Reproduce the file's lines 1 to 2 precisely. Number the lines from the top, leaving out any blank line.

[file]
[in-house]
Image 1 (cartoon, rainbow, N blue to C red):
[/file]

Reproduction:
[in-house]
Image 1 (cartoon, rainbow, N blue to C red):